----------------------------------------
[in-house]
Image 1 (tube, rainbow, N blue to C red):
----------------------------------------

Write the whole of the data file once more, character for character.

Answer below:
[in-house]
Image 1 (tube, rainbow, N blue to C red):